Wei Hui was born in 1973 in Ningbo near Shanghai. In 1990 she was among the first students compelled to complete a full year of compulsory training at a military school, following the student unrests. It was at this time that she began to write. Wei Hui studied Chinese Language and Literature at Fudan University in Shanghai, graduating in 1995. Afterwards she worked in various professions, including as a journalist and a television editor.
Wei Hui belongs to the younger and more liberated generation of Chinese authors, who have proved controversial in breaking with the tradition of collectivism and state propagated moral dictates; not only do they unashamedly and comprehensively portray individuals oscillating between the desire for life and the fear of existence, but they also discuss sexuality openly.
The overriding compulsions of the protagonist in Wei Hui’s semi-autobiographical first novel »Shanghai baobei« (1999; Eng. »Shanghai Baby«, 2001) are inebriation and hedonism. »Every morning when I open my eyes I wonder what I can do to make myself famous. It’s become my ambition, almost my raison d’être, to burst upon the city like a firework. « The main character, an author, is torn between two men. As her sensitive Chinese boyfriend is unable to be physically intimate with her, she embarks on a passionate relationship with a German businessman. »Shanghai Baby« flirts with cultural stereotypes, plays with the theme of identity and illustrates the lifestyle of a new generation in an emboldened China, which is becoming attuned to Western standards as a result of increasing prosperity as well as unshackling itself from strict social taboos and precepts. The authorities found the novel provocative in the extreme and the author was labelled »decadent, debauched and a slave of foreign culture«. The work was banned, along with all four of Wei Hui’s collections of short stories which had previously been available. The publishing house was closed down for eight months, and 40,000 copies of the book were burned. Nevertheless, millions of copies were distributed illegally throughout China and the novel has also become an international bestseller, with translations in thirty-four languages. The film version of the novel is currently being produced and the project was presented this year in Cannes. The film is due to be shown in cinemas in 2007.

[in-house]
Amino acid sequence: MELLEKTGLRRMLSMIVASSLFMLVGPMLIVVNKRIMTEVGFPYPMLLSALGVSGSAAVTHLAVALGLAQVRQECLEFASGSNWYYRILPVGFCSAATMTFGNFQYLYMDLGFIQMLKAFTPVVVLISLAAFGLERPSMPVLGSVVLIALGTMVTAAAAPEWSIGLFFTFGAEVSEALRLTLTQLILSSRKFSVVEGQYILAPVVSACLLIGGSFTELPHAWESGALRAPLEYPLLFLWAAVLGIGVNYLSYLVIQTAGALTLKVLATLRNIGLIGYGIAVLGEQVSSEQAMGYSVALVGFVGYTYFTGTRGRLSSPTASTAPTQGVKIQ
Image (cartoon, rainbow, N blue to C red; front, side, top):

Wei Hui’s most recent novel »My Zen« (2005; Eng. »Marrying Buddha«, 2005) follows on from her first work. The story is set in Shanghai and New York, where the protagonist is again caught between two men; one American and the other Japanese. It seems that pop literature has received official approval in China between the publication of the two novels. After the author changed certain details, the four and a half year ban on her work was lifted, allowing the novel to be published in China. The book immediately found itself at the top of the bestsellers’ lists, and was translated into 14 languages. The author lives in Shanghai and New York.
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